Did you know?
- One in four people living with HIV in the U.S. is a woman, with the vast majority of transmissions occurring from sex with a male partner who has HIV.
- Women of color and transgender women experience disproportionately high rates of HIV transmission and low rates of testing and treatment, compared with other women.
- Only 7% of women who could benefit from pre-exposure prophylaxis (PrEP) were prescribed PrEP in in U.S. in 2018.
- HIV stigma is higher for women than for men.
(Statistics: Centers for Disease Control)
Thursday, March 10 is National Women and Girls HIV/AIDS Awareness Day, a day to raise awareness about the impact of HIV on women and show support for women and girls living with HIV.
Although men often represent the face of HIV, with men of color being the most affected population in the U.S., women – particularly women of color – are also deeply impacted. Women of color and women who are immigrants often face particular challenges that place them at elevated risk for HIV, including unstable housing and domestic violence.
What Can Be Done
There is a lot that women and girls can do to protect their health:
Women placed at elevated risk of HIV should get tested often. Girls and women 12 and older can get free or low-cost tests at NYC Sexual Health Clinics, regardless of immigration status. To locate an HIV testing site in NYC, search the NYC Health Map, text “TESTNYC” to 877-877, or call 311.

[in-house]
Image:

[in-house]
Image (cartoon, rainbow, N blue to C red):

Learn About PrEP and PEP to Prevent HIV.
PrEP (pre-exposure prophylaxis) is a pill that is over 90% effective in preventing HIV. Using PrEP is a powerful way to take control of your sexual health. Talk to your health care provider to find out if it is right for you.
PEP (post-exposure prophylaxis) is medicine taken to prevent HIV after a possible exposure.
Women living with HIV who receive treatment and become virally suppressed can live longer, healthier lives and cannot transmit HIV to others. It’s crucial that people living with HIV access treatment as soon as possible for treatment to be most effective. (Undetectable equals Untransmittable, U=U).
Women have been heavily impacted by HIV since its earliest days. We must bring the HIV epidemic among women out of the shadows, and provide supportive services that meet their needs as partners, mothers, caretakers, and friends. Ultimately, this will greatly improve the health of our community as a whole.